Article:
The jet ski was officially invented by Sea-Doo in 1967-8, but the company never seemed to get the idea off the ground until Kaw entered the picture a few years later. As you may have already guessed, six companies have built all the mass produced jet skis. Sea-Doo is still one of the most popular brands with its Rotax engines. Kawasaki has continually sold official Jet Skis since 1973. Polaris built jet skis using engines built by Fuji Heavy Industries from 1992 through 1997. Tiger Sharks with Suzuki engines were marketed briefly in The Nineties. Yamaha has continually sold its line of sit-down WaveRunners since 1987. Honda finally entered the market with a line of four-stroke models just a few years ago, following the series of uprisings by environmentalists over the pollution caused by the horde of two-strokes swarming all over the nation’s lakes. This predictable string of events followed a familiar pattern set by the same corporate players decades ago, when Honda was the only Japanese motorcycle brand building four-cycle engines in The Sixties. Due to environmental pressures, all the other Japanese brands began building four-strokes and phasing out their two-stroke models as The Seventies progressed. This time Honda just waited for the backlash to build up against the two-stroke smokescreen before entering the jet ski market.

Extremely long, closed-bow, deep-V, offshore racing boats had been entertaining millionaires in small numbers for years before Crockett and Tubbs brought them to the consciousness of average Miami Vice couch pilots in 1984. That was a Scarab they were driving across the waves. Now Scarabs and their many competing, smaller, boutique brands are ripping up and down inland lakes all across America. Most likely the ones you are seeing now are built by Baja, the brand that has taken the helm of the affordable, mass-production cigarette boats. Most of these roaring beasts still cost as much as a house, but at least Baja is making an effort to make them available to the masses of the upper middle class. You could say that this phenomenon is just another example of wretched excess taking over American waters. The pilots and passengers, who usually number no more than three, ride high above the miniscule waves with their noses held aloft. Most of these minions of excess enjoy the mellow bellow of through-hull twin exhaust systems that shatter the peace and quiet of the other millionaires living along the shoreline. The peasants in their smaller runabouts must pause their conversations until the elitist snots have roared on down the lake, disturbing someone else’s tranquility.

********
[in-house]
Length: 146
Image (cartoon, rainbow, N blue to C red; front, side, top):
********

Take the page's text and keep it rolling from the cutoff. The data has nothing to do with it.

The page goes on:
Americans are facing a crossroad in our history. The stresses brought on our environment and economy by decades of wretched excess are beginning to cause cracks in the hull of our ship. We are unsure who to blame and uncertain which issue is disturbing us more. The allegory becomes clear when you see that jet skis have borne the brunt of our anger simply because of their numbers. Their two-stroke engines assault our ears and their pollution assaults our lakes. Should anyone wonder why illegal immigration has finally arisen to the forefront of our collective consciousness? Why have overpaid CEO’s and hedge fund managers become so reviled? Are they not roaring across the quiet masses with their noses held high in the air? Some of us have become sickened by the sight of a soccer mom driving her Hummer to work alone. How many big-block V-8’s does a recreational watercraft need to cruise down the lake? Many of them have two and some even have three. A five-year-old holds up his fingers to indicate his age, but that kid will not need that many fingers to describe the fuel consumption of a big Scarab! We used to speak of a CEO’s income in millions. Now there are hedge fund managers making billions. We have become a nation of wretched excess for a few and unlimited growth for the multitudes. Like the middle class families enjoying their family outings on the lake, our national sanity is being wrenched apart by the growth of the extremes.

Floyd M. Orr is the author of Ker-Splash! Recreational Power Boaters Guide and Timeline of America: Sound Bytes from the Consumer Culture. His website is Nonfiction in a Fictional Style.